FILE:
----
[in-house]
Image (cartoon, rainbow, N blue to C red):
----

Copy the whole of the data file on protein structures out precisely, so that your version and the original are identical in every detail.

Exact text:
[in-house]
Image (cartoon, rainbow, N blue to C red):